Sunday, November 29, 2015

Pugsley Romping The Vegas Snow Trail

The single-track trail was blanketed with snow, so I trusted hikers' steps that had flatted the snow and guided my fattie front tire across the evergreen-covered face of Mount Charleston.

When you're biking a single-speed steel Surly Pugsley, you have faith in the integrity of a narrow trail and the brakes that you squeeze for literal dear life.

But the thrill of moving at speed faster than a run with alpine scenes unfolding in front of you is just too tempting to ignore. So I'm biking surely and defensively at the same time to make sure the sloping cross angle of the trail doesn't put on a slippery slope down the side of a snowy mountain.

It's the Bristlecone Trail, a popular mountain trail near the Lee Canyon ski center that draws hundreds of hikers during the summer months to escape the Las Vegas valley's infamous triple-digit temperatures.

But on this day, I met a grand total of seven people -- three groups. It was mostly serene at 9,000 feet.

# # #

I parked at the Lower Bristlecone Trail parking lot and made sure my five layers fit well. I had two long-sleeve shirts, a bike jersey, a nylon vest and a windbreaker for the 32-degree, sunny weather.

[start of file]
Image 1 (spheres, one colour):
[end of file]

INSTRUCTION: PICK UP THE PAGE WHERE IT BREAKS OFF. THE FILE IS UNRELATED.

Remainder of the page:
The first 3 1/2 miles on the trail is a wide fire road that goes uphill the entire way, winding its way like a lariat rope until the trail narrows drastically to the width of a single track.

When the trail is exposed to the sun, there's no snow. But when cloaked in shadows from trees and the mountain, the trail is covered in the white stuff. It's soft and about four inches deep.

The trail plateaus off around 9,400 feet and it's moving slightly up and also down for about a half-mile or so.

At some sections I have no choice but to hop off the bike seat and carefully negotiate the narrow trail but the cross angle is sloping downward and there's no edge for my tire to gain traction.

But then I leave the ledge-like trail, and the narrow swath begins to meander its way downhill between trees and among them, too.

# # #

It's a 50-minute drive to reach the trail parking lot and another 45 minutes of biking on the wide section of the trail before I can enjoy the final one mile drop that's like a bobsleigh track through the woods for an exhilarating straight-away to the Upper Bristlecone Trail.

It was all worth it.

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